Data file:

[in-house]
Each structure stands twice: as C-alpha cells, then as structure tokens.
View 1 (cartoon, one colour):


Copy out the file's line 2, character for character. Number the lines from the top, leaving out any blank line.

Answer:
Each structure stands twice: as C-alpha cells, then as structure tokens.